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'Ryanomics' Assault Poor and Hungry Children

Marian Wright Edelman | 9/19/2012, 12:07 p.m.

Dietrich Bonhoeffer, the great German protestant theologian, who was executed for opposing Hitler's holocaust, believed that the test of the morality of a society is how it treats its children. I agree and am deeply ashamed that the United States of America flunks Bonhoeffer's test every hour of every day as our policies and priorities permit 16.1 million children - more than 1 in 5 - to live in poverty in the richest nation on earth and 7.3 million to live in extreme poverty according to the new Census poverty data.

Children under five are our poorest age group with one in four infants, toddlers and preschoolers - who did not choose their parents - poor during their years of greatest brain development. The U.S. Agriculture Department recently reported that a record number of families in America are struggling to put enough food on the table and that one in five children live in a food insecure household. Millions of Americans, many of them hard working parents, have only food stamps to keep the wolves of hunger from their door.

Yet, the Ryan budget passed by the House of Representatives not only would do nothing to decrease epidemic poverty, hunger and homelessness during this time of economic downturn and parental joblessness, it would increase their struggles by taking away food and other essential supports. Ryanomics is an all-out assault on our poorest children while asking not a dime of sacrifice from the richest 2 percent of Americans or from wealthy corporations.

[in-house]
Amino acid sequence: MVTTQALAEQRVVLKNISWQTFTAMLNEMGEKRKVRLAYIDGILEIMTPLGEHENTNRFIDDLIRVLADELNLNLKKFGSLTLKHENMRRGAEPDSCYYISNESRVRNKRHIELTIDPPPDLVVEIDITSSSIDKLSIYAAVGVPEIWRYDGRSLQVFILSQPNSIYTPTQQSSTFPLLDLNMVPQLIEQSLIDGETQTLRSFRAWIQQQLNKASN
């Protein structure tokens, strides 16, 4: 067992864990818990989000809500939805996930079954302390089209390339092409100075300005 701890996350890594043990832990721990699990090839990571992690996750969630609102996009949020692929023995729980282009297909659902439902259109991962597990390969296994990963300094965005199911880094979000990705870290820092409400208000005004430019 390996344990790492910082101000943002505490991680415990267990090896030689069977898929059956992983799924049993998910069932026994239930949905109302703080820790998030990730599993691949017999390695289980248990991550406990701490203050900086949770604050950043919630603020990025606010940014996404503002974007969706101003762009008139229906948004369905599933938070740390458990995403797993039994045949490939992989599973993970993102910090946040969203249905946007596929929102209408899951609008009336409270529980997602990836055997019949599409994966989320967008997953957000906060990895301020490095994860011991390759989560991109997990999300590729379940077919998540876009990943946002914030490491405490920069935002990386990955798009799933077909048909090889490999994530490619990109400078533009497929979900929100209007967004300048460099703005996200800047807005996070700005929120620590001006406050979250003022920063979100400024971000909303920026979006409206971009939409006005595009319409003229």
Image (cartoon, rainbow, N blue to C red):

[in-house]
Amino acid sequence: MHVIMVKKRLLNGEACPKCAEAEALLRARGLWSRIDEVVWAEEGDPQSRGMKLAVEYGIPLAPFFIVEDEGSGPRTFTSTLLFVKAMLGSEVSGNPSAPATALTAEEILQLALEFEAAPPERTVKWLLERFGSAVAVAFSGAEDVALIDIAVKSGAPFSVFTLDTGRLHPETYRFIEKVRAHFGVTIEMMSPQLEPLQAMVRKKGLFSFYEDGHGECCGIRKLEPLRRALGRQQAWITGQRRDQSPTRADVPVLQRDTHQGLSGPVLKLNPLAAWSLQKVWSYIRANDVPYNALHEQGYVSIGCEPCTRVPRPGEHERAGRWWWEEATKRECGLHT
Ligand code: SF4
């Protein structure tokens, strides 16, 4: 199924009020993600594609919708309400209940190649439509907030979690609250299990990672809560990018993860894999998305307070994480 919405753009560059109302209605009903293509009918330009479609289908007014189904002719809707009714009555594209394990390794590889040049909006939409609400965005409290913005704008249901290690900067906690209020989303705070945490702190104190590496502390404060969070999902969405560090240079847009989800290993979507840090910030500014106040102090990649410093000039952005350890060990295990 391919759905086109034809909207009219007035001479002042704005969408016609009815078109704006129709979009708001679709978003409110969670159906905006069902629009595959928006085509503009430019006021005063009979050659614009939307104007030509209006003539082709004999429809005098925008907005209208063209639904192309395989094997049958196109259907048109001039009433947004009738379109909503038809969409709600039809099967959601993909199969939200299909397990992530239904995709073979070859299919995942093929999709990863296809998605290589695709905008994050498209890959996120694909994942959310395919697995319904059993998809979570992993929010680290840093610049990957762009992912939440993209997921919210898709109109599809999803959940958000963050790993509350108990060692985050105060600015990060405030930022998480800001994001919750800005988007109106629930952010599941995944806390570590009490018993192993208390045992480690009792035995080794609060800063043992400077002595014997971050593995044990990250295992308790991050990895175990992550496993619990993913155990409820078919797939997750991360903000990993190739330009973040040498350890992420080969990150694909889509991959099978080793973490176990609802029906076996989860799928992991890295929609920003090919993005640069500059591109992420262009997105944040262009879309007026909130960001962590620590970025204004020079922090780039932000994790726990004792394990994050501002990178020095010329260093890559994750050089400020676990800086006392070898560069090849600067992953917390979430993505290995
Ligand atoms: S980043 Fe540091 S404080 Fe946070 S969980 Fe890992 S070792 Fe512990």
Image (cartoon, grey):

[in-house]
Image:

Ryanomics slashes hundreds of millions of dollars from child and family nutrition, health, child care, education, and child protection services, in order to extend and add to the massive Bush tax cuts for millionaires and billionaires at a taxpayer cost of $5 trillion over 10 years. On top of making the Bush tax cuts permanent, the top-income bracket would get an additional 10 percent tax cut. Millionaires and billionaires would on average keep at least an additional quarter of a million dollars each year and possibly as much as $400,000 a year, according to the Citizens for Tax Justice.

The Ryan budget does not name or touch any of the many expensive tax incentives, tax loopholes or tax subsidies that help the powerful and the wealthy. It doesn't close tax loopholes or rein in incentives to corporations investing or taking jobs overseas, several of which alone could generate $129 billion over 10 years. It doesn't touch the tax advantage for private equity partners that now provides a $15 billion windfall over 10 years or the tax preferences for oil and gas companies that cost about $40 billion a year.

Ryanomics widens the already huge wealth and income chasm in our nation and only benefits the richest Americans and powerful corporations while ripping apart already porous safety nets for vulnerable children. Ryanomics masquerades as a fiscally responsible deficit-reducing budget plan to preserve our children's future. In reality, it is Robin Hood in reverse - stealing from babies to benefit billionaires and increasing the deficit.